11th Dec, 2016

Far-right group Pegida to stage first UK protest in Solihull borough

Solihull Editorial 25th Jan, 2016 Updated: 24th Oct, 2016

A FAR right-wing group, founded by the former English Defence League (EDL) leader, is set to stage its first protest in Solihull borough, police have confirmed.

Pegida UK will host a ‘silent protest’ against ‘mass immigration and the islamification of the west’ at the Birmingham International Business Park, near Birmingham International train station, on Saturday, February 6.

The group, which describes itself on its official Facebook page as ‘a non-racist, non-violent group’, is a branch of the far-right German campaign group and was set up by former English Defence League leader, Tommy Robinson.

In a bid to prevent the drink-fueled violence that tarred EDL protests, organisers have banned participants from drinking alcohol or covering their faces.

While the precise time of the demonstration is yet to be confirmed, West Midlands Police was forced to confirm the venue of the march after reports it would take place ‘in the city’ sparked concern among residents.

Solihull Police Commander, Chief Superintendent Alex Murray, reassured the public that the force was ‘vastly experienced’ in dealing with similar protests in Birmingham, Dudley, Solihull and Walsall – most of which having passed off without incident.

He added: “Organisers have told us they are planning a peaceful, silent march from the train station to the protest site.

“It is not clear how many people will take part but we are continually monitoring the intelligence picture to understand the scale of the event.

“So far around 350 Pegida supporters have indicated they intend to participate. There is nothing at this stage to suggest there is a significant risk of disorder but the public can rest assured we will take swift action against anyone committing criminal offences.”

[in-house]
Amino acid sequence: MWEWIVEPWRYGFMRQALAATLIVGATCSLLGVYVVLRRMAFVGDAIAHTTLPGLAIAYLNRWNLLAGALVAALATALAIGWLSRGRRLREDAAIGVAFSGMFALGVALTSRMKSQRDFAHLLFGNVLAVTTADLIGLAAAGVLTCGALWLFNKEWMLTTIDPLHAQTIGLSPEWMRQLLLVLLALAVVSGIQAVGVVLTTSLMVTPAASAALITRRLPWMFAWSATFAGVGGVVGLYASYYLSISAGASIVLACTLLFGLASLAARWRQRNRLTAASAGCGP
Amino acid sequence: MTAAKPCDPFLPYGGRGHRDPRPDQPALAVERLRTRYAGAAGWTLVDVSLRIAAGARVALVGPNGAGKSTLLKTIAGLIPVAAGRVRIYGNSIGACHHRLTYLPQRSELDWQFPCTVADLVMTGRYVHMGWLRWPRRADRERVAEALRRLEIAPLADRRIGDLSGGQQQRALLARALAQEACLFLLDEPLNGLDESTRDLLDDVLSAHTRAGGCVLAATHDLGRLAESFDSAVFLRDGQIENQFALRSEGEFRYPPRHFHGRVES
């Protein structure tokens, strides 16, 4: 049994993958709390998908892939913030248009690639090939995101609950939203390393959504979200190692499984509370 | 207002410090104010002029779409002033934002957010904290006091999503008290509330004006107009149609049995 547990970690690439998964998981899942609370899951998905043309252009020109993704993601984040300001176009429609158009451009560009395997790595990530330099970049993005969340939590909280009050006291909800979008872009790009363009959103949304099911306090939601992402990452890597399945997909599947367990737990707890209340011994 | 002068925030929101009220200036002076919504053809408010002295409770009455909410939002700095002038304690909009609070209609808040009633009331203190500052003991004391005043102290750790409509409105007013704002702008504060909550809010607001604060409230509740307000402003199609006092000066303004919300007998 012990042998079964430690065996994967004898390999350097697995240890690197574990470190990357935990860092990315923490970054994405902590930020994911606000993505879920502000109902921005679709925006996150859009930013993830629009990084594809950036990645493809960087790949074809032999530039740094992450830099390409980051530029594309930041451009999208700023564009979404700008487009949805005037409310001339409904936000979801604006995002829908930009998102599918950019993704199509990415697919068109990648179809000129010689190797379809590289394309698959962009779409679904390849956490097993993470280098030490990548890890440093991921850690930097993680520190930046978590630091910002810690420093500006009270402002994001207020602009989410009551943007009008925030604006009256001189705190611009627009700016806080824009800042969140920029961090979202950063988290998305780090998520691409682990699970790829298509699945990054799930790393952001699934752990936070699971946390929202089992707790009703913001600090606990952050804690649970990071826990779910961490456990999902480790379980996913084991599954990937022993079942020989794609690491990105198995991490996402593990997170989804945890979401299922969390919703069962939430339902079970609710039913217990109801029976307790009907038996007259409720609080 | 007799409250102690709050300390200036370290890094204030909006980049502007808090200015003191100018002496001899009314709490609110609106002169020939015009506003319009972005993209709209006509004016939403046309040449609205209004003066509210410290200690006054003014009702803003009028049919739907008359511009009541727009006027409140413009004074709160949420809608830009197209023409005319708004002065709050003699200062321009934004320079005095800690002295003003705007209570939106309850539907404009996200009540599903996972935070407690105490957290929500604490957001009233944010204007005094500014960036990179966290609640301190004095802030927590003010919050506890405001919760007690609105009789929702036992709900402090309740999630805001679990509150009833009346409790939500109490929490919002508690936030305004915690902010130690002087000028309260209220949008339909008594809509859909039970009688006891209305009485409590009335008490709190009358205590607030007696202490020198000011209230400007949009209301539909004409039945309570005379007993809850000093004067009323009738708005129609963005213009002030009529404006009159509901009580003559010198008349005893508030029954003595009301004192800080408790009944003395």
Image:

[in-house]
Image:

There will be a highly visible police presence, including protest liaison officers, on the day including police resources on standby in the event of trouble.

The policing operation also includes plans to manage any potential counter protests from opposition groups.

Chief Supt Murray added: “People often pose the question: ‘Why don’t you ban the protest?’

“However, the right to protest is something that is enshrined in law and the police have a positive duty to protect and not apply restrictions that are disproportionate.

“We cannot ban protests because they are a static assembly of people and, as such, are legal as long as they are peaceful and within the law.

“Equally, police do not have the power to ban any marches; any decision to prevent a march from taking place would be agreed by the secretary of state ? and only in the most extreme circumstances ? on the request of the police and local authority.”